01-17-13 | Blog Post
Gigaom.com reports that the greatest amount of data centers are located, most inconveniently, in states that have also experienced the greatest number of FEMA (Federal Emergency Management Agency) disaster declarations. Coincidence? Not really – data centers can be found closer to their core user base, so population size will often dictate the number of data centers.
Which states are hit the hardest? Texas declared 332 disasters (location of more than 120 data centers), and California came in second at 211 (greater than 160 data centers). Oklahoma was next at 167, and Oregon, New York, Washington and Florida declared between 75-130 disasters. A FEMA disaster declaration is classified when a natural disaster forces a state governor to ask the federal government to step in with assistance due to lack of state and local resources.
What does this mean for data centers? A recent NYTimes.com article reports metropolitan building developers are revamping their floorplans as they relocate generators and mechanical systems typically housed in basements of tall buildings. One building moved their backup generator to the rooftop to avoid flood damage. Another has plans for 13-foot floodgates from the basement to the second floor to keep electrical systems dry in the event of another flood. These redesigns are not only very costly upfront, but also limit sellable space in upper floors, resulting in some business loss.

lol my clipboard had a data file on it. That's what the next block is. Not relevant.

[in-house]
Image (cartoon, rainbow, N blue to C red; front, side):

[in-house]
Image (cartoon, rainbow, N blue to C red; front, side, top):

All of this planning may not help avoid the effects of unpredictable weather, but a more cost-effective solution may be to move applications and data away from the densely-packed, disaster-prone regions of the nation to safer inland data centers. Michigan declared less than 20 FEMA disasters, making it an extremely low-risk location for disaster recovery and colocation.
Michigan also has lower operating costs due to the naturally cool climate that keeps servers at an ideal temperature without the need for high cooling costs – meaning both Michigan data center operators and clients win. Although business owners may typically prefer their data centers to be closer to company headquarters, in the event of disasters like hurricanes that can stretch for miles away, offsite data backups can prove to be advantageous to business continuity plans.
Find out more about Online Tech’s advantages over East and west coast providers with the strategic design of our facilities here. Access our Michigan IT Resource Library for Michigan technology articles, recorded seminars and webinars, white papers and more about our dedication to serving not only local Michigan businesses but also out-of-state organizations that recognize the need for an offsite, safe location for secure data hosting.
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